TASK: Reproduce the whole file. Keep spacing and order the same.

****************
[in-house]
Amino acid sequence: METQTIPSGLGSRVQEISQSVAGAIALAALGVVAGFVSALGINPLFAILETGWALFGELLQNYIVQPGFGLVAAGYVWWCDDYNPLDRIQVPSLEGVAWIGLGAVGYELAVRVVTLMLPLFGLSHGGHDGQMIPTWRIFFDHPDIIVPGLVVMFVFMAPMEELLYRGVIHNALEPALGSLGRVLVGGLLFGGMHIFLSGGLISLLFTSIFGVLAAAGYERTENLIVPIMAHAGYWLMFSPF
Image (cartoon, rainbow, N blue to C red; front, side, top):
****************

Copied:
[in-house]
Amino acid sequence: METQTIPSGLGSRVQEISQSVAGAIALAALGVVAGFVSALGINPLFAILETGWALFGELLQNYIVQPGFGLVAAGYVWWCDDYNPLDRIQVPSLEGVAWIGLGAVGYELAVRVVTLMLPLFGLSHGGHDGQMIPTWRIFFDHPDIIVPGLVVMFVFMAPMEELLYRGVIHNALEPALGSLGRVLVGGLLFGGMHIFLSGGLISLLFTSIFGVLAAAGYERTENLIVPIMAHAGYWLMFSPF
Image (cartoon, rainbow, N blue to C red; front, side, top):